As a side remark, some of these people have just published a book with the EMS Publishing House: Absolute arithmetic and $\mathbb{F}_1$-geometry

The basic idea is that the collection of all prime numbers, $\mathbf{Spec}(\mathbb{Z})$ is far too large an object to be a terminal object (as it is in schemes). One should therefore extend the setting of schemes to so called $\mathbb{F}_1$-schemes, in which $\mathbf{Spec}(\mathbb{Z})$ is some higher dimensional object.

Initially, one hoped that $\mathbf{Spec}(\mathbb{Z})/\mathbb{F}_1$ might look like a curve, so that one could try to mimick Weil’s proof of the Riemann hypothesis for curves to prove the genuine Riemann hypothesis.

But, over the last decade it became clear that $\mathbf{Spec}(\mathbb{Z})/\mathbb{F}_1$ looks like an infinite dimensional space, a bit like the space $M_{cyc}$ above.

I’ll spare this to a couple of follow-up posts, but for now I’ll leave you with the punchline:

The compact connected Hausdorff space $M_{cyc}$ of Kucharczyk and Scholze is nothing but the space of complex points of $\mathbf{Spec}(\mathbb{Q}_{cyc})/\mathbb{F}_1$!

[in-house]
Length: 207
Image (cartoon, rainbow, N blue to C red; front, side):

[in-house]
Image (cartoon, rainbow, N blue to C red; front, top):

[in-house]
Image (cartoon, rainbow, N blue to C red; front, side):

“Sometimes ideas, like men, jump up and say ‘hello’. They introduce themselves, these ideas, with words. Are they words? These ideas speak so strangely.”

“All that we see in this world is based on someone’s ideas. Some ideas are destructive, some are constructive. Some ideas can arrive in the form of a dream. I can say it again: some ideas arrive in the form of a dream.”

Here’s such an idea.

It all started when Norma wanted to compactify her twisted-prime-fruit pies. Norma’s pies are legendary in Twin Peaks, but if you never ate them at Double R Diner, here’s the concept.

Start with a long rectangular strip of pastry and decorate it vertically with ribbons of fruit, one fruit per prime, say cherry for 2, huckleberry for 3, and so on.

For elegance, I argued, the $p$-th ribbon should have width $log(p)$.

“That may very well look natural to you,” she said, “but our Geometer disagrees”. It seems that geometers don’t like logs.

Whatever. I won.

That’s Norma’s basic pie, or the $1$-pie as we call it. Next, she performs $n$ strange twists in one direction and $m$ magical operations in another, to get one of her twisted-pies. In this case we would order it as her $\frac{m}{n}$-pie.

Marketing-wise, these pies are problematic. They are infinite in length, so Norma can serve only a finite portion, limiting the number of fruits you can taste.

That’s why Norma wants to compactify her pies, so that you can hold the entire pastry in your hands, and taste the infinite richness of our local fruits.

“Wait!”, our Geometer warned, “You can never close them up with ordinary scheme-dough, the laws of scheme-pastry prohibit this!” He suggested to use a ribbon of marzipan, instead.

“Fine, then… Margaret, before you start complaining again, how much marzipan should I use?”, Norma asked.